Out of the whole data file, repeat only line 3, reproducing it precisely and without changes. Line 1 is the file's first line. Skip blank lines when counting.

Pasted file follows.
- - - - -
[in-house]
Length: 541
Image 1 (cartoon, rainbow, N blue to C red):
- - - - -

Image 1 (cartoon, rainbow, N blue to C red):